There are very few places left in North America were woodland bison are truly a free range bison, most are inside fences. Alberta Canada is such a place were free ranging woodland bison wild and free to roam were they want to.


There are scattered populations of woodland bison that exist in northern Alberta, they feed mainly on grass habitat along beaver meadows, rivers, sloughs and lakes within the vast northern boreal forest. The only access is by float plane in spring and summer or snow machine in the winter, when creeks, rivers and swamps are frozen.


Contrary to the popular thought of a fenced farmed plains bison hunt, this a free range woodland bison hunt it is one of the toughest hunting experiences you will find on this continent, after a couple days in hunting in minus 39 degree weather this was very apparent. We searched for their fresh tracks and dung. When we did found a fresh trail we followed them up with the skidoo until they went into the bush then we donned our snow shoes for the walk in the 4-5 feet of snow that blanket the forest floor.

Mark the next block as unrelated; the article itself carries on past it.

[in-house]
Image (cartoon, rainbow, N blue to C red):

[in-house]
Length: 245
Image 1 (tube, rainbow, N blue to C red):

These huge bison have been weighed at 3,000 pounds and like their African counterpart the Cape buffalo a wounded bison bull should not be taken lightly at all!






On the morning day 2 of hard cold hunting, we had skidooed countless hours, in the morning looking for fresh bison and wolf sign, we traveled up a frozen creeks, crossing beaver dams and stopping to climb and glass from huge Beaver lodges. Other than climbing trees ( which the guide did) this is the only way to see very far over the jungle of willow between the open meadows were these wooly bully's feed.